The work students do in agent-based modeling prepares them for authentic inquiry in the scientific disciplines.
Learners can run their in-progress models to see how the system behaves. For instance, in this simulation learners have found that adding logic to describe the depletion and replenishment of the virtual grass led to increased stability in the ecosystem, damping the oscillations in the wolf and sheep populations.
Physics and Chemistry. In physics and chemistry, the Ideal Gas Laws provide an elegant mathematical explanation of regularities in the world, but students rarely connect these macro-level phenomena with the molecular interactions that generate them. Students using ABMs can leverage agent-based intuitions to understand the Kinetic Molecular Theory (KMT). Models like the ones in the CCL's GasLab suitef begin from simple collision rules for particle agents and show how pressure and temperature arise as emergent properties in the aggregate.g Because they are working with individual entities, high school students can reason about their interactions, going beyond the familiar topics and touching on advanced concepts, such as the Maxwell-Boltzmann distribution and phenomena of statistical mechanics (see Figure 3).
Earth Sciences. In middle school Earth science classrooms, it is common to study natural disasters such as volcanoes and forest fires. With the Fire model,h students can investigate the systems principles of critical parameters and nonlinear dynamics in the context of a simulated forest fire. Here, there are tree agents and fire agents. The trees are randomly distributed at a given density, which is controlled by a slider. The leading edge of a forest fire is represented by red agents; the rules for the trees are very simple: they "look" at their neighbors to the North, South, East, and West. If they see a tree on fire, they ignite.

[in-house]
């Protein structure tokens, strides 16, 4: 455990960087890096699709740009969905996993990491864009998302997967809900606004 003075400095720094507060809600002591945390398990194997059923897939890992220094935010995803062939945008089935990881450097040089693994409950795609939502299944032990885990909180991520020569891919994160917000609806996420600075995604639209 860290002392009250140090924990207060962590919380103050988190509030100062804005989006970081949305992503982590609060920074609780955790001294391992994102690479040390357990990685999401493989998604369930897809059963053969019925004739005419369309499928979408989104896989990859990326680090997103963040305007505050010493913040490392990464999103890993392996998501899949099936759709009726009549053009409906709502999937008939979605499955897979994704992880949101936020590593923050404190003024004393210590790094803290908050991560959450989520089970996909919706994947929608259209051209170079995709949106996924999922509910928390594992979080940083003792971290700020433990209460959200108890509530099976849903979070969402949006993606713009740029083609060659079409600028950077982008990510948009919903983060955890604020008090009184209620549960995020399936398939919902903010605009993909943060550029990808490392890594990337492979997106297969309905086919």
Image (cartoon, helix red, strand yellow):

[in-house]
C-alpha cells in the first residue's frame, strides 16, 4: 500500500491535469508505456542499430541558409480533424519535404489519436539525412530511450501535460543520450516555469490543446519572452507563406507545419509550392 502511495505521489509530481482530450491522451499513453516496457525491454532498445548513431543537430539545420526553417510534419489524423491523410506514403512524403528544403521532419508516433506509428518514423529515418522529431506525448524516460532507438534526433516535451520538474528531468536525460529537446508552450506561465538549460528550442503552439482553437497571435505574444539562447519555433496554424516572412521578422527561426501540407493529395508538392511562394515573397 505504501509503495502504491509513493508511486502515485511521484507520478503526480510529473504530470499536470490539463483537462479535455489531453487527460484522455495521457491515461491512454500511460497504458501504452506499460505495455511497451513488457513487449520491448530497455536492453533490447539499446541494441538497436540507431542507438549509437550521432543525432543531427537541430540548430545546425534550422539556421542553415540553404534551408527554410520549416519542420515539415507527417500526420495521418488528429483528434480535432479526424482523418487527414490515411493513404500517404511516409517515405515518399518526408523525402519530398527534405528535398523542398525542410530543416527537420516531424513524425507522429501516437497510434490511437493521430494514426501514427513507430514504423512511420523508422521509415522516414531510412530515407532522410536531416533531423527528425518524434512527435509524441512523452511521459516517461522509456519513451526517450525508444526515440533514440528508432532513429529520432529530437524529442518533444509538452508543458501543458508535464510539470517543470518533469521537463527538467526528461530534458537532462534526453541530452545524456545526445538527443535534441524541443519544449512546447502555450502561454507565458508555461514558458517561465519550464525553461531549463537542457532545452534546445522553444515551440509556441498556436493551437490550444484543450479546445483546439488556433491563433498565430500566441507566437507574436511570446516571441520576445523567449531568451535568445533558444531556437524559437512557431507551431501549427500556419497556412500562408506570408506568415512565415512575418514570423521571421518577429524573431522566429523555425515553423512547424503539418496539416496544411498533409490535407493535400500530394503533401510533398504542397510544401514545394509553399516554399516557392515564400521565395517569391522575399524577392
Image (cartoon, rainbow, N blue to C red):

Most people's intuition about this system is that a small increase in tree density should result in a little more burn (that is, a linear relationship). However, that is not what the simulation reveals. Instead, there is a critical density value, below which the forest fire dies out quickly (see Figure 4a) and above which it consumes almost the entire forest (see Figure 4b). Such critical parameters are common in complex systems throughout science, and have been recently popularized as "tipping points."
Students find the simulated fire to be visually compelling, and the code behind the NetLogo model is extremely simple. Thus, the Fire model can act as an excellent introduction to agent-based modeling. Indeed, learners who engage with it often modify or extend the model to explore their own questions, including the effects of wind, alternative rules by which the fire might spread, or strategies for arresting the spread of an existing forest fire.